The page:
Though the generosity of French Canadians, orphaned Irish children
were adopted and in many instances allowed to retain their
Books ... Wild Geese ... Red Hand ... French Mention
Children of the Gael died in their thousands on this island having fled from the laws of foreign tyrants and artificial famine in the years 1847-48.
God's blessing on them. Let this monument be a token to their name and honor from the Gaels of America.
God Save Ireland.
Translation of the Irish inscription on the Celtic Cross erected by the AOH in 1909.
A translated English version is more politically correct and is markedly softened.
As well as copies of the book, a U.S. edition of which is due for
publication in October, officers also confiscated 160 copies of the
Breglio Report - a report into the January 30, 1972 Bloody Sunday
shootings in County Derry, Northern Ireland, that resulted in the
deaths of 14 unarmed citizens.
The report, compiled by former New York City Police Department ballistics expert Robert Breglio, alleges that British army snipers, using rifles and telescopic sights, shot at civil rights protesters from the walls of Derry.....................
After questioning, Mullen was released and allowed to continue his journey to Grosse Ile but was not given back the books, reports and other items.
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The Irish in Newfoundland 1623-1800 by Michael J. McCarthy.
In 1623, Lord Falkland, who planned on founding a colony on the Southern Shore of the Avalon around Renews, had a book published for him in Dublin, inviting Irishmen to participate in a venture.A statement by one of another time.
Newfoundland is a fine plantation, It shall be my station till I die, Mo Cradh! go m'fhearr liom a bheith a n-Eire, (Alas! I'd rather be in Ireland) Donnacadh Ruadh MacConMara (1715-1810)Irish Halifax: The Immigrant Generation, 1815-1859 by Terence M Punch 1981, is worth reading.
The mass exodus of Irish, which ran from 1815 until the 1850's, had a deep impact on all the North American areas which received the flow of emigrants. One such host community was Halifax, Nova Scotia.
In the fuzzy mind of popular history, the Irish of the new world have been linked to their larger and more "typical" settings, like Boston, New York, and Chicago, and when the drift shifts to Canada, the larger urban concentrations again spring to mind: Halifax, Saint John, Montreal......... By far the greater part of Canada's Irish settlers and the offspring have lived on the fringes of larger alien communities.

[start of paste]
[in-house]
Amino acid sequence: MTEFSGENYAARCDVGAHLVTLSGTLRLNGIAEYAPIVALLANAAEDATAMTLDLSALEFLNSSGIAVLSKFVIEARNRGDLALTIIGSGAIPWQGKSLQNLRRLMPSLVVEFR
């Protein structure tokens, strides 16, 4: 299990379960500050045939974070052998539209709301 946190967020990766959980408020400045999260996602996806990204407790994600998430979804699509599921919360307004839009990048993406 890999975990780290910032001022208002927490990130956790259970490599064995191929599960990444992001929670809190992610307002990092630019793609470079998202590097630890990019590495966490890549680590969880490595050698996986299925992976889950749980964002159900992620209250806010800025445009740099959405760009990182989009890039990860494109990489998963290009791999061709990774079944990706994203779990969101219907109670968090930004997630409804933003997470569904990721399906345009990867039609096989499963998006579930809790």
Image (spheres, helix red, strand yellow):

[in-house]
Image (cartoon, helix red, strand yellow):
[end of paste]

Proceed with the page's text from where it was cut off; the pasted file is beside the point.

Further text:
Irishman Richard John Uniacke was to cut his teeth in American patriot, Jonathan Eddy's rebellion, although he was later to rise to the position of respected servant of his majesty's government.
Archivist Harvey writes in the Preface:
As a result of this prolonged research more than, one persistant conjecture has been proven wrong. For example, the statement has been made repeatedly that Scottish immigration to Nova Scotia reached its peak in 1817 and ceased abruptly in 1828. ---------------- and from casual references in the Archives that almost as many Scots came to Nova Scotia in the decade subsequent to 1838 as in the previous decade, although more than half of them came between 1839 and 1843. --------------
Similar revisions have been made in the traditional view of Irish immigration, which is shown to have been much greater in this period than was generally suspected.
In Appendix III of preparer J.S. Martell's document
On numbers and years shown of Passengers from Newfoundland - 1815-1838
It is not supposed that these are complete returns of "passengers" from Newfoundland to Nova Scotia. ------ Nearly a thousand, perhaps, there were more, came in 1816 and 1817 and it is known that they were Irish. Those at Arichat in 1830 were also Irish. Most of the others were probably Irish.
In material I've read, it appears the Scots seemed to be loyal to the Crown even after the defeat they suffered at Culoden. Maybe that is why American historians play up a Scot-Irish scenario for a Scot's contribution in America's cause although Scot John Paul Jones (added Jones to his Paul surname after murdering a fellow Scot) comes to mind. Nova Scotian, historian A.C. Jost of Guysborough County compared Jonses' thuggary to that of the German submarines that sank Cansco fishing schooners during WWI. Jones' privateering escapades was little more than legalized piracy.
Back then, the Royal Navy's practice of sending ashore cudgel-swinging bands
of sailors, the notorious press gangs, to "impress" males into seagoing
service was legalized kidnapping. When an admiral ran short of a crew,
the governor persuaded his counsel to issue a press warrant, ostensibly
to rid Halifax of vagabonds. Nova Scotians vanished into the lower decks
of His Majesty's ships to die in distant lands, or from scury etc.
Scot-Irish folks had been in Ireland by 100 years as of this point in time. When does an American born individual become an American or an English born Irish person become English and British?
Spoke to a gentleman, while I was in Halifax who brought to my attention that Haligonians with names appearing to be of an Irish origin wonder about it. He posited that some of them may have been "soupers," those who availed of soup during the Famine and in doing so became Protestants. Naturally there are many shades of reasons for recreating the past.
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This document last modified Sep 15, 2001.